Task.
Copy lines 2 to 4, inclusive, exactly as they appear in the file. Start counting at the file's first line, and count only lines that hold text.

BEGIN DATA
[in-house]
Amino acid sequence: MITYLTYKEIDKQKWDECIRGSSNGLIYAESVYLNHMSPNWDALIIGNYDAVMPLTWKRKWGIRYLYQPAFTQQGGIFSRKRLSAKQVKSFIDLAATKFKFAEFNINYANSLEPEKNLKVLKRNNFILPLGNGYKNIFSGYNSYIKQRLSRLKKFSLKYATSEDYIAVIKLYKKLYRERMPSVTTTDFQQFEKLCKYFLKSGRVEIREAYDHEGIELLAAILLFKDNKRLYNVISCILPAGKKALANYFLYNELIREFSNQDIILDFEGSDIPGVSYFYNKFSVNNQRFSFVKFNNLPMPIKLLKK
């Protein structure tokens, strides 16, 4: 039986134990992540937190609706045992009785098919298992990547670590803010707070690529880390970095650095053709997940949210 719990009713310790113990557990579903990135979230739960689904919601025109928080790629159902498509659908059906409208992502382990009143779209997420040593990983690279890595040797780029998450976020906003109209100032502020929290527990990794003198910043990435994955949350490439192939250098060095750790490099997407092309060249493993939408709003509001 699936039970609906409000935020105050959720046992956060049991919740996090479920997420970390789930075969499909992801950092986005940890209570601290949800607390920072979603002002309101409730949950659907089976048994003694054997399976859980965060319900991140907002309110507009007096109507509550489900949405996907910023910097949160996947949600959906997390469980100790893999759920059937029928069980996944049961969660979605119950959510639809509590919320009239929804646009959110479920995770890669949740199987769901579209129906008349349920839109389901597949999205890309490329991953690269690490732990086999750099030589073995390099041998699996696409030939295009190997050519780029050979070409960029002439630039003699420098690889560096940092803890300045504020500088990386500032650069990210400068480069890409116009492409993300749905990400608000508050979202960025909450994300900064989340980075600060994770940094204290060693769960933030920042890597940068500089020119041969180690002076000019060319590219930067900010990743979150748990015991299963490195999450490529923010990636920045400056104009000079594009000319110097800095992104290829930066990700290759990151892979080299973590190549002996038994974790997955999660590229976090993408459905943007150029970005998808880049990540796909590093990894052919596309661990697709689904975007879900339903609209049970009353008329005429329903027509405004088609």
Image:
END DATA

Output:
Amino acid sequence: MITYLTYKEIDKQKWDECIRGSSNGLIYAESVYLNHMSPNWDALIIGNYDAVMPLTWKRKWGIRYLYQPAFTQQGGIFSRKRLSAKQVKSFIDLAATKFKFAEFNINYANSLEPEKNLKVLKRNNFILPLGNGYKNIFSGYNSYIKQRLSRLKKFSLKYATSEDYIAVIKLYKKLYRERMPSVTTTDFQQFEKLCKYFLKSGRVEIREAYDHEGIELLAAILLFKDNKRLYNVISCILPAGKKALANYFLYNELIREFSNQDIILDFEGSDIPGVSYFYNKFSVNNQRFSFVKFNNLPMPIKLLKK
């Protein structure tokens, strides 16, 4: 039986134990992540937190609706045992009785098919298992990547670590803010707070690529880390970095650095053709997940949210 719990009713310790113990557990579903990135979230739960689904919601025109928080790629159902498509659908059906409208992502382990009143779209997420040593990983690279890595040797780029998450976020906003109209100032502020929290527990990794003198910043990435994955949350490439192939250098060095750790490099997407092309060249493993939408709003509001 699936039970609906409000935020105050959720046992956060049991919740996090479920997420970390789930075969499909992801950092986005940890209570601290949800607390920072979603002002309101409730949950659907089976048994003694054997399976859980965060319900991140907002309110507009007096109507509550489900949405996907910023910097949160996947949600959906997390469980100790893999759920059937029928069980996944049961969660979605119950959510639809509590919320009239929804646009959110479920995770890669949740199987769901579209129906008349349920839109389901597949999205890309490329991953690269690490732990086999750099030589073995390099041998699996696409030939295009190997050519780029050979070409960029002439630039003699420098690889560096940092803890300045504020500088990386500032650069990210400068480069890409116009492409993300749905990400608000508050979202960025909450994300900064989340980075600060994770940094204290060693769960933030920042890597940068500089020119041969180690002076000019060319590219930067900010990743979150748990015991299963490195999450490529923010990636920045400056104009000079594009000319110097800095992104290829930066990700290759990151892979080299973590190549002996038994974790997955999660590229976090993408459905943007150029970005998808880049990540796909590093990894052919596309661990697709689904975007879900339903609209049970009353008329005429329903027509405004088609």
Image: